More informationIntro. Scheme Basics. scm> 5 5. scm>
Intro Let s take some time to talk about LISP. It stands for LISt Processing a way of coding using only lists! It sounds pretty radical, and it is. There are lots of cool things to know about LISP; if
More informationEssentials of Programming Languages Language
Essentials of Programming Languages Language Version 6.90.0.26 April 20, 2018 The Essentials of Programming Languages language in DrRacket provides a subset of functions and syntactic forms of racket mostly
More informationRecursive Functions of Symbolic Expressions and Their Application, Part I
Recursive Functions of Symbolic Expressions and Their Application, Part I JOHN MCCARTHY Review: Amit Kirschenbaum Seminar in Programming Languages Recursive Functions of Symbolic Expressions and Their
More informationIntroduction to Typed Racket. The plan: Racket Crash Course Typed Racket and PL Racket Differences with the text Some PL Racket Examples
Introduction to Typed Racket The plan: Racket Crash Course Typed Racket and PL Racket Differences with the text Some PL Racket Examples Getting started Find a machine with DrRacket installed (e.g. the
More informationFundamentals of Artificial Intelligence COMP221: Functional Programming in Scheme (and LISP)
Fundamentals of Artificial Intelligence COMP221: Functional Programming in Scheme (and LISP) Prof. Dekai Wu Department of Computer Science and Engineering The Hong Kong University of Science and Technology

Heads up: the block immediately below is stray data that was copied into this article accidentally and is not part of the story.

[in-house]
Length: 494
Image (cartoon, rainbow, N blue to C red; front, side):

More informationScheme Basics > (butfirst '(help!)) ()
Scheme Basics > (butfirst '(help!)) () [The butfirst of a *sentence* containing one word is all but that word, i.e., the empty sentence. (BUTFIRST 'HELP!) without the inner parentheses would be butfirst
More informationSOFTWARE ARCHITECTURE 6. LISP
1 SOFTWARE ARCHITECTURE 6. LISP Tatsuya Hagino hagino@sfc.keio.ac.jp slides URL https://vu5.sfc.keio.ac.jp/sa/ 2 Compiler vs Interpreter Compiler Translate programs into machine languages Compilers are
More informationScheme as implemented by Racket
Scheme as implemented by Racket (Simple view:) Racket is a version of Scheme. (Full view:) Racket is a platform for implementing and using many languages, and Scheme is one of those that come out of the
More informationCS 480. Lisp J. Kosecka George Mason University. Lisp Slides